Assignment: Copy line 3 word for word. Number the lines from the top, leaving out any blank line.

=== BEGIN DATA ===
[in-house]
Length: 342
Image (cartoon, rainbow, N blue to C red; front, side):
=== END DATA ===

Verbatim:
Image (cartoon, rainbow, N blue to C red; front, side):